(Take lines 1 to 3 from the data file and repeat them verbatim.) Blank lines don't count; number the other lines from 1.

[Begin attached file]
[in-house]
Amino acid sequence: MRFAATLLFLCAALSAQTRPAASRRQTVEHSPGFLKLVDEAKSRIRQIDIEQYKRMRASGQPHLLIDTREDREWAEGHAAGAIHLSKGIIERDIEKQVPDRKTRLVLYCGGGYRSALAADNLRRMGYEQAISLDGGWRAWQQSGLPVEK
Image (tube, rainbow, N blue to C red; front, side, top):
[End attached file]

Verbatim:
[in-house]
Amino acid sequence: MRFAATLLFLCAALSAQTRPAASRRQTVEHSPGFLKLVDEAKSRIRQIDIEQYKRMRASGQPHLLIDTREDREWAEGHAAGAIHLSKGIIERDIEKQVPDRKTRLVLYCGGGYRSALAADNLRRMGYEQAISLDGGWRAWQQSGLPVEK
Image (tube, rainbow, N blue to C red; front, side, top):